can anyone tell what happens is a native vlan mismatch occures across 802.1q trunk??
1.some docs says loop occurs...(how??)2.some says the trunk partial operates,ie,only vlans that are misconfiured on either end will not forward traffic,but rest vlans works,
3.and some says the trunk itself will not work??
now i have one more doubt here...if case 2 happens,i have learned that dtp messages are sent via native vlan,so if the mismatch itself occurs how will a trunking method be negotiated first for it to partialy operate for rest of vlans...??
arun .. :)
Its the number 2 that I would agree upon. If the native VLAN on one end of the trunk is different from the native VLAN on the other end, the traffic of the native VLANs on both sides can not be transmitted correctly on the trunk. This may imply some connectivity issues in your network.
DTP messages are not send on native vlan they are send via Vlan1. Vlan1 on the trunk ports carries the control traffic like DTP,VTP,STP,PagP and other control traffic.
HTH,Please rate if it does.
Suppose switch 1 have native vlan 2 and switch 2 have native vlan 5 ,if switch 2 receive frame from switch 1 (i am talking about native frame only),since it is untagged switch 2 will think it is for native vlan ,
(which is vlan 5 on switch 2) and it will forward it on all the ports for vlan 5,this is not the ideal scenario and its called as frame leaking,but it will work.that is why you should always make unused vlan as native (for secutity reason)
Now DTP messages are sent using vlan 1 and they will be tagged and it will not make any difference.
if you use PVST+ as spanning tree mode, then it will block the ports with inconsistent VLAN configuration.
next if the ports with inconsistent VLAN configuration will be not block (eg, you use MST), then there is the possibility to get a loop and if you didn't disable the loopback keepalives on uplinks, they will be put in errdisable mode.
how the loop can happaned see the very good explanation from ftallet;
thanks you all,..but all are again pointing to different opinion.... :(
my understanding is when your native vlan is other than vlan 1 dtp messages are still
sent via the configured native vlan configured on 802.1q as untagged,but other protocols
like cdp,PAgP,VTP messages are still sent via vlan 1 as tagged.
so if method 2 is adopted and the misconfigured vlan doesnt forward how will negogiation of
but vishwanth says those misconfigured vlan traffic will also work(ie,will be forwarded).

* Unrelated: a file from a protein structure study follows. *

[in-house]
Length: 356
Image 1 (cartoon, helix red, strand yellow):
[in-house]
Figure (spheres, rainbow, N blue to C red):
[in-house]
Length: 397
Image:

and how looping occurs as some docs states...???
which is right???.... :(
Your understanding of native vlan and control traffic is a little different.DTP messages are always sent using the Vlan1.They are never sent using the native vlan on the trunk port. Even if you remove vlan1 from the allowed Vlan list on the trunkports still all the control traffic will be sent using the Vlan1 only.
To reduce the risk of spanning-tree loops or storms, you can disable VLAN 1 on any individual VLAN trunk port by removing VLAN 1 from the allowed list. When you remove VLAN 1 from a trunk port, the interface continues to send and receive management traffic, for example, Cisco Discovery Protocol (CDP), Port aggregation Protocol (PAgP), Link Aggregation control Protocol (LACP), Dynamic Trunking protocol (DTP), and VLAN Trunking Protocol (VTP) in VLAN 1.
HTH,Please rate if it does.
here is the good document about VLAN inconsistency:
i think we are diverting from the topic ,but still its interesting to
share new things.... :)
pls go through the below mensioned link....
read the topic "Vlan 1 Consideration"
It clearly states that when your native vlan is not vlan 1,the DTP messages are sent
on native vlans in 802.1q,ie,it sents the DTP messages as untagged on native vlan
and other control messages(like cdp,pgap,vtp etc ) in vlan 1 as tagged.so only i pointed
and put a doubt that how negotiation happens in case of native vlan mismatch???
Although VLAN 1 user traffic can be pruned from a trunk, it is not the case with control plane traffic. In fact, in older Cisco Catalyst Software versions (5.4 or earlier), VLAN 1 could not be removed at all from a trunk. Control plane traffic such as VTP, CDP, and PAgP protocols are tagged with VLAN 1 information and are forwarded on a trunk regardless if the trunk has pruned VLAN 1 and regardless what is the native VLAN.
The point is that i think that even if the Native VLAN is unmatched the trunk will be negotiated as DTP (which uses the Native VLAN not VLAN1) uses untagged frames between the switches regardless what is the Native VLAN on each switch (the DTP frames are exchanged untagged), but this can have severe results on the STP as per the Cisco statement:
"Make sure the native VLAN for an 802.1Q trunk is the same on both ends of the trunk link. If the VLAN on one end of the trunk is different from the VLAN on the other end, spanning tree loops might result."
I got a little confused between the Cisco's DTP implementation on ISL trunk and 802.1q trunk. On ISL trunks DTP packets are always sent on Vlan1 whether Vlan1 is allowed or removed from the trunk port. On a 802.1q trunk port the DTP packets are sent on the native vlan so you were right on that part. I agree with mohammed that even you have a different native vlan on the trunk port the DTP frames will still be able to negotiate the trunk.
thanks to both of u.... :)
so what conclution i can make on what happens when the native vlan mismatch occurs;
1. only vlans that are misconfigured will not forward traffic and rest will work properly....
2.all will forward ,but some looping occurs????